Coyne also writes about the life of Jesus and how historians of the time did not write about it, particularly the events surrounding the crucifixion. This is more of a Remsberg’s List type of approach to the matter which probably came from Barker, yet even atheists have a problem with it. Jesus in His time was a nobody from a town called Nazareth, which no one cared about, in an area of the world valued mainly for its path for trade but whose customs were viewed as bizarre by others, who never traveled outside of his country as an adult, never went to battle, never wrote a book, never ran for office, and didn’t establish a philosophy. To top it off, He was crucified, the ultimate shame and disgrace in the ancient world. What would a Roman say far off in Rome who heard about Him? “Not worth talking about.” Oh! But He did miracles. This would make it worse. Jesus would be seen as a huckster then much like Benny Hinn is today. The stories about what happened would be seen to non eye-witnesses as Old Wives’ Tales.

In fact, if we want to talk about historians of the time, let’s talk about Hannibal. This was the guy who was Rome’s great opponent and nearly conquered them and who trampled over most every army Rome sent after him. This was a master general. In light of his great achievements, how many of his contemporaries talk about him? Answer? Zero.

How about Queen Boudica who raised an uprising against Rome. How many contemporaries talked about her? Zero.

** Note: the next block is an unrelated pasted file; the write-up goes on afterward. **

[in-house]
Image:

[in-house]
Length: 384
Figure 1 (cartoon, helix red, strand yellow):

How about the eruption of Mt. Vesuvius that destroyed two cites killing 250,000? How many accounts do we have? (Not allusions. Accounts.) We have one off-the-cuff remark in an exchange between Pliny and Tacitus. We don’t even hear about the other town from a historical account until Dio Cassius writes later on.

If we focus it in on Judea and ask how many historians we have writing about Messiah figures, that is an easy number.

We have one.


And he did talk about Jesus, despite what many internet atheists would have you think. The Testimonium account is seen by scholars largely as only partially interpolated. It’s a wonder Jesus is even mentioned. For other Messiah figures, you had to call out Roman troops. Jesus didn’t have anything requiring a massive army. Pilate seems to have no idea who Jesus is in the Gospels when he first sees Him.

On page 67 Coyne says

Theologians intensely dislike the definition of faith as belief without — or in the face of — evidence, for that practice sounds irrational. But it surely is, as is any system that requires supporting a priori beliefs without good evidence. In religion, but not science, that kind of faith is seen as a virtue.

Here’s why we dislike it. It’s for the same reason atheists don’t like being identified as God-haters. We don’t see it as an accurate description. Theologians go by evidence just as much. Coyne might want to say the Bible doesn’t count, but the reality is theologians have evidential reasons for believing the Bible is what it claims to be, and that’s because we study the claims from a historical perspective. It’s not because of some nebulous feeling. For theology alone, we also use philosophy and specifically metaphysics to study the nature of God. This was the exact way Aristotle did and I don’t think we want to say Aristotle was anti-evidential. He, like his intellectual descendants, the Thomists (Including myself) was an empiricist.

Coyne also wants to go after Tertullian for saying “The Son of God died: it is immediately credible—because it is silly. He was buried, and rose again: it is certain—because it is impossible.” Interestingly, there is no primary source cited which tells me that Coyne never read the original source. Not very scientific really. The reference comes from On The Flesh of Christ, which is a response to Marcion and a refutation of a more docetic position which denied that Christ came in physical flesh. All this is in the fifth chapter.